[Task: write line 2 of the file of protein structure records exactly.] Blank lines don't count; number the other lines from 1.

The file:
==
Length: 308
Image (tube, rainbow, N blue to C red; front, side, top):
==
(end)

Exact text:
Image (tube, rainbow, N blue to C red; front, side, top):